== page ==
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Preview Events

Preview events, also known as tunneling events, are routed events where the direction of the route travels from the application root towards the element that raised the event and is reported as the source in event data. Not all event scenarios support or require preview events; this topic describes the situations where preview events exist, how applications or components should handle them, and cases where creating preview events in custom components or classes might be appropriate.

When you handle Preview events in general, be cautious about marking the events handled in the event data. Handling a Preview event on any element other than the element that raised it (the element that is reported as the source in the event data) has the effect of not providing an element the opportunity to handle the event that it originated. Sometimes this is the desired result, particularly if the elements in question exist in relationships within the compositing of a control.

For input events specifically, Preview events also share event data instances with the equivalent bubbling event. If you use a Preview event class handler to mark the input event handled, the bubbling input event class handler will not be invoked. Or, if you use a Preview event instance handler to mark the event handled, handlers for the bubbling event will not typically be invoked. Class handlers or instance handlers can be registered or attached with an option to be invoked even if the event is marked handled, but that technique is not commonly used.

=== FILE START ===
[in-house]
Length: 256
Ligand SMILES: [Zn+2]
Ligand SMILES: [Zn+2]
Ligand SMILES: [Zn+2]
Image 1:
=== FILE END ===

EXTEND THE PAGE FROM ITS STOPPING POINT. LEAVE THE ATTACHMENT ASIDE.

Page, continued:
For more information about class handling and how it relates to Preview events see Marking Routed Events as Handled, and Class Handling.

Working Around Event Suppression by Controls

One scenario where Preview events are commonly used is for composited control handling of input events. Sometimes, the author of the control suppresses a certain event from originating from their control, perhaps in order to substitute a component-defined event that carries more information or implies a more specific behavior. For instance, a Windows Presentation Foundation (WPF) Button suppresses MouseLeftButtonDown and MouseLeftButtonDown bubbling events raised by the Button or its composite elements in favor of capturing the mouse and raising a Click event that is always raised by the Button itself. The event and its data still continue along the route, but because the Button marks the event data as Handled, only handlers for the event that specifically indicated they should act in the handledEventsToo case are invoked. If other elements towards the root of your application still wanted an opportunity to handle a control-suppressed event, one alternative is to attach handlers in code with handledEventsToo specified as true. But often a simpler technique is to change the routing direction you handle to be the Preview equivalent of an input event. For instance, if a control suppresses MouseLeftButtonDown, try attaching a handler for PreviewMouseLeftButtonDown instead. This technique only works for base element input events such as MouseLeftButtonDown. These input events use tunnel/bubble pairs, raise both events, and share the event data.

Each of these techniques has either side effects or limitations. The side effect of handling the Preview event is that handling the event at that point might disable handlers that expect to handle the bubbling event, and therefore the limitation is that it is usually not a good idea to mark the event handled while it is still on the Preview part of the route. The limitation of the handledEventsToo technique is that you cannot specify a handledEventsToo handler in XAML as an attribute, you must register the event handler in code after obtaining an object reference to the element where the handler is to be attached.

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